Jacqueline Winspear, any of the Maisie Dobbs novels. Set in England after World War I, brilliant historical novels as well as mysteries.

M.C. Beaton, any of the Haimish Macbeth novels, which have titles that begin with "The Death of ...". Get to know village life in the Highlands -- along with good solid mysteries and an ongoing series of romances.

Margaret Maron, her Deborah Knott mysteries. The newest is Hard Row, still in hardcover for a very nice gift.

Sharyn McCrumb, the author of magical Appalachian mysteries like If Ever I Return Pretty Peggy-O, comes to us with a NASCAR novel that women can love: Once Around the Track.

For Men or Women

Robert Crais: Anything at all, but especially The Two Minute Rule and The Watchman

Michael Connelly: Again, anything, but especially The Overlook

John Mortimer: Any Rumpole of the Bailey book

Science Fiction

Come on, who do you think is writing this list? A War of Gifts by Orson Scott Card is a perfect last-minute gift -- a thin hardcover with a compelling story that features the title character from Ender's Game. Or pick up the newly-released paperback of Empire, my novel about a civil war in present-day America and the need for us to return to civility in our public discussions. Or the hardcover Invasive Procedures, co-written with my brilliantly talented young friend Aaron Johnston, about a healer who'll make you "better" whether you're sick or not.


Lynn Flewelling: The Tamir Triad, starting with The Bone Doll's Twin and continuing with Hidden Warrior and The Oracle's Queen. Perhaps the deepest psychological novel I've ever read -- the fantasy makes the unconscious issues real. Gorgeous but dark.

Kate Elliott: The Crown of Stars series. Just pick up the first volume, King's Dragon. Not the book entitled Crown of Stars -- that's volume seven. You might worry that your fantasy-reader friend might not be glad to get volume one of seven -- but I promise you, they'll be grateful once they've read this extraordinarily powerful opening volume. But this, like Lynn Flewelling's, is not for the faint of heart.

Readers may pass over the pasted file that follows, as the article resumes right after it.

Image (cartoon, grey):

David Gemmell: Anything. I recently discovered this British author and was dismayed to learn he died just a few years ago. I've read all of the beautiful and moving Rigante series, but so far I've picked up nothing of his that wasn't excellent and compulsively readable for the fantasy fan.


I spend my life reading history, and there's simply too much out there for me to try to recommend it all. But ... for last-minute shopping, pick up Tim Weiner's Legacy of Ashes, a brutally accurate history of the CIA using all the available documents and interviews with many of the participants. The miracle is that the United States still exists. Or pick up Stefan Rudnicki's compelling reading of it in the book on CD. You can't make a serious evaluation of what the CIA tells the President -- and us -- unless you understand just what this organization was and is. It will break your heart. THICK HARDCOVER